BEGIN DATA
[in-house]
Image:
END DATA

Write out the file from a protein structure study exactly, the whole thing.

[in-house]
Image: